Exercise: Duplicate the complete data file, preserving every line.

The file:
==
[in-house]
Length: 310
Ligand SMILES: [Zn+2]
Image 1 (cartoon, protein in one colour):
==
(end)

[in-house]
Length: 310
Ligand SMILES: [Zn+2]
Image 1 (cartoon, protein in one colour):